The mechanism you describe might be true, but how do you see these genes spreading geographically so fast in populations so scattered. You said once "a girl with blond hair is snatched from her tribe by the neighbors". How long will it take for the genes to spread from the Caucasus to Gaul and Ireland and become 100% predominant by the time of Tacitus or Strabon ?

Wouldn't it more simple to assume that these mutations popped up independantly in geographically distant european clans and were then selected by the mechanisms that you indicate?
How do you see that ?


Peter Frost said...


You have a point. The entry of modern humans into Europe only goes back c. 35,000 years. But even in Africa, modern humans are not all that old. There is good evidence that as recently as 100,000 years ago humans were still behaviorally 'archaic' despite being anatomically modern.


We don't have firm dates for the advent of white skin and diverse hair and eye colors among Europeans. The data I've seen point to the late ice age or perhaps the early Holocene. I agree that we're looking at a relatively narrow time frame, perhaps only five thousand years or so. If I had to bet, I would place it in the second half of the last ice age, about 10,000 to 15,000 years ago.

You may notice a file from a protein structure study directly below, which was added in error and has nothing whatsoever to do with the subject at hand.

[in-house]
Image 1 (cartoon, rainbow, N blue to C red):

If this is the correct time frame, any pigmentary mutations, once selected, could have circulated rapidly from one end of Europe to the other. The Great European Plain was inhabited by highly mobile hunting bands who had wide-ranging trade networks for precious stones and the like. I imagine these networks could have also been used for mating. There are certainly precedents for this sort of thing in other hunter-gatherer societies.

Tod said...

For instance, most livestock were domesticated in Europe and Asia, the guinea fowl being the only food-producing animal to have been domesticated in sub-Saharan Africa.A critical recasting of that might be that the farmed animals are absent from the indigenous fauna of sub Saharan Africa.